body-container-line-1

BRICS announces 'historic' admission of six new members

By Nick Perry and Zama Luthuli
South Africa Some 50 heads of state and government attended the summit.  By Marco Longari (AFP)
THU, 24 AUG 2023 LISTEN
Some 50 heads of state and government attended the summit. By Marco Longari (AFP)

BRICS leaders announced on Thursday the "historic" admission of six new countries from next year as the club of large and populous emerging economies seeks to reshape the global order.

The BRICS -- Brazil, Russia, India, China and South Africa -- agreed at their annual summit to make Argentina, Ethiopia, Iran, Saudi Arabia, Egypt and the United Arab Emirates full members from January 1.

"This membership expansion is historic," said Chinese President Xi Jinping, whose nation is the most powerful in the group of non-Western states that represents a quarter of the world's economy.

"The expansion is also a new starting point for BRICS cooperation. It will bring new vigour to the BRICS cooperation mechanism and further strengthen the force for world peace and development".

Ethiopian Prime Minister Abiy Ahmed hailed what he called "a great moment" for his country, the second-most populous in Africa.

"Ethiopia stands ready to cooperate with all for an inclusive and prosperous global order," he said on X, formerly known as Twitter.

In Iran, senior presidential advisor Mohammad Jamshidi described the move as a "historic development and a strategic success" for Tehran's foreign policy.

'Strength in diversity'

Calls to enlarge the BRICS had dominated the agenda at its three-day summit in Johannesburg and exposed divisions among the bloc over how quickly new members should be admitted, and how many.

But the group, which makes decisions by consensus, had agreed on the criteria for admission, said South African President Cyril Ramaphosa, paving the way for the bloc to expand even further.

Nearly two dozen countries had formally applied to join and about the same number have expressed interest from across the "Global South", a broad term referring to non-Western nations.

(1st row from L to R) South African President Cyril Ramaphosa, Deputy President of South Africa Paul Mashatile, President of China Xi Jinping, Chinese Foreign Minister Wang Yi and Russian Foreign Minister Sergei Lavrov at the summit.  By Marco Longari (POOL/AFP) (1st row from L to R) South African President Cyril Ramaphosa, Deputy President of South Africa Paul Mashatile, President of China Xi Jinping, Chinese Foreign Minister Wang Yi and Russian Foreign Minister Sergei Lavrov at the summit. By Marco Longari (POOL/AFP)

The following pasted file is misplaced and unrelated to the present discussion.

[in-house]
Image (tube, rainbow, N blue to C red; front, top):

Some 50 other heads of state and government attended the summit, underscoring what BRICS leaders say is the attractiveness of its message and growing relevance on the world stage.

US officials have played down the likelihood of BRICS emerging as a geopolitical rival, describing the bloc as a highly diverse collection of countries containing both friends and rivals.

The bloc is a disparate mix of big and small economies, democratic and authoritarian states, and the candidates seeking membership and those admitted to the club also reflect this variety.

But despite differences, BRICS leaders expressed a common belief that the global system was dominated by Western states and institutions that did not serve the interests of developing nations.

"Our diversity strengthens the fight for a new international order," said Brazilian President Luiz Inacio Lula da Silva, who has strongly promoted the BRICS development bank as a counter to the Washington DC-based International Monetary Fund and World Bank.

'New dimensions'

Lula said with the admission of six new members, the BRICS now represented nearly half the world's population and an even greater share of its economic output.

Indian Prime Minister Narendra Modi said his country enjoyed "deep" ties with the new members and "with the help of BRICS, new dimensions will be added to our bilateral cooperation".

The bloc, founded in 2009 and expanded the following year to include South Africa, has risen to prominence at a time of intense geopolitical rivalry and analysts said its 15th summit in Johannesburg could be pivotal.

China had been campaigning to rapidly grow the BRICS into a counterweight to the G7 group of wealthy democracies and other Western-led institutions amid rising competition with the United States.

South Africa also supported expansion as did Russia, whose leader Vladimir Putin is the subject of an international arrest warrant, and addressed the summit via video link.

The summit in Johannesburg underlined divisions with the West over the war in Ukraine, and the support Russia enjoys from its BRICS partners despite its global isolation.

South Africa, China and India have not condemned Russia's invasion while Brazil has refused to join Western nations in sending arms to Ukraine or imposing sanctions on Moscow.

Which team do you think has the higher chance of winning the 2024 elections?

Started: 02-07-2024 | Ends: 31-10-2024

body-container-line